One Sunday in July 2006, I attended "Alo, Presidente," Hugo Chavez's (very, very) long Sunday television show. Here's what I wrote afterwards.
Jens Erik Gould
Daily Journal Staff
July 7, 2005
For many, Sunday is a day of rest. But not for President Hugo Chavez and the many supporters who tune into his television program "Hello, President" every seventh day.
Last Sunday, crowds of people sat in rows of chairs outside the National Vocational Training Institute (INCI) in the low-income Caracas suburb 23 de enero, the site of the 227th version of the show. Facing the crowd were stacks of speakers channeling the voice of Chavez.
Stiff security separated the street crowd from the president. Inside the institute, around two hundred students, military and government officials sat under a canape in the commons. Nearly half the crowd was dressed in red, the color of Chavez's Bolivarian revolution.
At the first glimpse of the president, the energy in the crowd changed and everyone was applauding loudly. Chavez emerged from the second floor of the complex and took a seat at his famed his famed "Hello, President" desk in front of the camera.
Since the average Sunday program lasts five to seven hours, food and drinks were available for audience members. Communication minister Andres Izarra has said that Chavez spends at least 40 hours a week on the air.
Throughout Sunday's six-hour long show, Chavez made an effort to connect with his audience on a personal level. At one point, a young boy yelled "Chavez!" and ran up to the stage. The head of state lifted him and a young girl into his arms and asked them about their families.
The president showed his humorous side and knack for impersonation as well. At one point, he swayed back and forth, imitating a drunk man who once told him "Long live Fidel (Castro)."
"Drunks say the truth, but when they pass a certain limit, it's just stupidity," said Chavez. The audience responded favorably to his jokes and impersonations. "Yes, that's it, president!" yelled one young man.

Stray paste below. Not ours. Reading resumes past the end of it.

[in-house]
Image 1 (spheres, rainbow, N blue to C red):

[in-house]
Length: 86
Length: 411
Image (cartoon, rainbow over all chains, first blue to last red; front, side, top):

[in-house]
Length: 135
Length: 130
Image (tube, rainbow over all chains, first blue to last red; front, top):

Chavez spent a large portion of the program speaking with students from Mision Robinson, a government-funded social program that provides elementary school classes for citizens lacking an education. "I didn't know how to read or write," said one student. "I learned it all at Mission Robinson."
The president weaved humor into the topic of illiteracy as well. "The guys are lazier," he said, noting that most students present at the show were women.
Chavez asked if the students had studied English and jokingly pronounced a couple phrases in broken English. "How are you? What's your name?" he said.
The president spent a good twenty minutes with the map of South America. Drawing a line connecting Caracas, Brazilia and Buenos Aires, Chavez the three most populous nations in South America were a new "axis."
With the map of South America in his hands, he called the continent "a beautiful woman dancing on only one foot." He said "What do you think," asking the crowd what they thought of the axis. Suddenly, he broke into song, briefly singing a verse containing the same phrase.
Sitting in the front row were the Argentine president's sister, Alicia Kirchner, who is also the country's minister of social development, and the newly appointed Argentine ambassador to Venezuela, Hilda Garren. Kirchner gave Chavez several presents.
Kircher said that her country and the Chavez government shared "the same philosophy of work" and "collective conscience." "I hope you'll be here with us until 2001," Chavez told the Argentines.
Chavez proposed a Latin American social project that would fight poverty and illiteracy in the whole region. "Our people are far from integration," he said about Latin Americans.
In many episodes of his program, Chavez maintains harsh dialogue towards the government of the United States. Last Sunday was no exception. He ridiculed recruitment efforts by the United States army. "No one wants to go to war, but they're starting recruitment again," he said.
The president mocked Washington's agitation over the Venezuelan purchase of 100,000 AK-103 assault rifles from Russia. "Do they think we're going to take Washington with (100,000 rifles)?" he asked rhetorically. "We're going to take it, but not with 100,000 rifles." He also said precise plans existed to invade Venezuela.
Sunday's program is one of several opportunities citizens have to request state aid. Outside the institute, a group of government workers sat around a table processing letters from people around the nation. They highlighted the handwritten requests for pertinent information and marked each one with a label: "Housing," "Health" or "Employment."
After the program, a lady approached Energy and Petroleum minister Rafael Ramirez asking for help. Her daughter had been fired from her company because she was a "chavista," she said. Ramirez asked her to give her information to an assistant.
JENS ERIK GOULD
Jens Erik Gould is a political, business and entertainment writer and editor who has reported from a dozen countries for media outlets including The New York Times, National Public Radio and Bloomberg News.